Dr Camilla Whittington
My research aims to understand the genetic basis of complex evolutionary innovations. Evolutionary innovations like eyes, wings, venom, and live-birth are dramatic, game-changing novelties that are responsible for much of the Earth’s animal diversity. However, their origins are poorly understood because they are produced by the collective action and evolution of thousands of genes. I apply a range of methods including molecular technologies and physiological techniques to a targeted range of animals, to elucidate the evolution and genetic basis of complex traits. I have worked with marsupials, monotremes, rodents, and sharks, and my current focus is on using Australian lizards and seahorses as model systems. My interests encompass evolutionary biology, genetics and genomics, physiology, animal behaviour, and conservation.
Emeritus Professor Mike Thompson
The main focus of my research has been on reproduction in reptiles, with a particular emphasis on the physiology and ecology of eggs and embryos. I have studied eggs of all the major groups of reptiles in the world and have recently been studying viviparous species. My current research is concerned mainly with the evolution of viviparity (live birth) using lizards as the model. I combine physiology, anatomy and molecular biology to understand the evolution of viviparity across a range of species that have different placental complexities. Other recent projects in the lab include reproduction in shovel-nosed rays, the physiology and ecology of invasive lizards, sex determination in lizards, physiological ecology of flat rock spiders and feeding behaviour in desert lizards.
Jacquie has the unenviable task of managing the lab and wrangling its inhabitants. She is also talented photographer and took many of the photos featured on this website.
Alice is studying the evolution of pregnancy in Australian sharks, with a focus on morphology and physiology.
Stephanie did her Honours in the lab, and is continuing to research the genetics of viviparity in what is possibly the world's weirdest lizard- the three-toed skink. Follow her on Twitter here @StephanieLiang_
Lauren is working on the genetics of reproduction in the three-toed skink.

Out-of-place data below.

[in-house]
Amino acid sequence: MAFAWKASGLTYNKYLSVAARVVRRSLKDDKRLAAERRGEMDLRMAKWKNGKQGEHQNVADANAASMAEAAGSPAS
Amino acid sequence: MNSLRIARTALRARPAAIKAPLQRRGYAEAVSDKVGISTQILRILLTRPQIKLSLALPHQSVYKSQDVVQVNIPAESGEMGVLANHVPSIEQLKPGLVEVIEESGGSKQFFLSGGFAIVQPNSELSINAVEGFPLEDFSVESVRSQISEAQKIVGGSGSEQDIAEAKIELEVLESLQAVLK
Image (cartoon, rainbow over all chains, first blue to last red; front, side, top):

Dr Charles Foster
Charles is now a postdoc at UNSW working in viral evolution. He is a current collaborator interested in big questions in evolutionary biology. His focus in the lab was on using transcriptomic data to research the evolution of viviparity and the placenta. Follow him on Twitter @theCFos.
Dr Henrique Braz
Henrique is now a Postdoctoral Fellow at the Butantan Institute (São Paulo, Brazil). He has a broad interest in the reproductive biology of squamate reptiles. His research focuses on topics as the evolution of viviparity, reproductive cycles, nest-site selection, and life history. Follow Henrique on Twitter @Braz_HB and visit his website here.
Claudia is now a Project Officer for Ocean Watch Australia. Her PhD investigated conservation of three turtle species living in the Murray river. Claudia is very interested in alternative conservation strategies such as citizen science, and the use of GIS technology for conservation purposes. You can follow her on Twitter @claudia_santori
Dr Sadequr Rahman
Sadeq is researching the evolution of viviparity in sea stars by studying the morphological, physiological and genetic basis of viviparity in Australian species. His broad field of interest is in the evolutionary biology of diverse marine animals. He is now an Assistant Professor at Chittagong University.
Dr Nicky Rollings
Nicky is an evolutionary biologist with a focus on life history strategies and telomeres. Through studying dragons and snakes, Nicky seeks to determine the effects that telomeres have at a cellular level all the way to the evolution of species. She is now working in industry.
Dr Melanie Laird
Mel's PhD work investigated how the marsupial uterus prepares for pregnancy. She is currently a postdoctoral researcher at the University of Otago.
Dr Oliver Griffith
Oliver's PhD was supervised by Mike Thompson, and he is a current collaborator. He is now a Lecturer at Macquarie University working on the evolution of amniote pregnancy for his DECRA research.
Vertina studied seahorse pregnancy using histological techniques. She is now undertaking further study.
Honours I (2018)
Monty's project centred on the evolution of reptile pregnancy using transcriptomics. He is now undertaking further training in computational analysis.
Honours I (2018)
Polly's project focused on respiratory gas supply to viviparous fish embryos. She is now an intern for the Australian Government.
Honours I (2018)
Tara worked to understand the endocrinology of fish pregnancy.
Josh's project focused on the triggers of labour in viviparous reptiles, in collaboration with Dr Jonathan Paul at the University of Newcastle. He received a grant for his research and a travel grant from the Australian Society of Herpetologists. He is now working in business.
Honours I (2017)
Honours I (2016)
Jenna's Honours project was co-supervised by Camilla and Catherine Grueber. Jenna analysed genetic diversity to determine whether heterozygosity affects breeding success in captive Tasmanian devils (Sarcophilus harrisii). The results of her work will be used to inform the design of captive breeding programs for this endangered marsupial. Jenna is now a PhD Student at the University of Sydney.
Honours I (2014)
Kevin's Honours project was co-supervised by Mike Thompson, Camilla, Kathy Belov and Matt Brandley. Kevin's project looked at the regulation of the maternal immune system in pregnant Australian skinks. He received awards at two national conferences for his research (ANZ Society for Comparative Physiology and Biochemistry 2014; Australian Society of Herpetologists 2015). Kevin is now doing stem cell and cancer research at St Vincent's Hospital.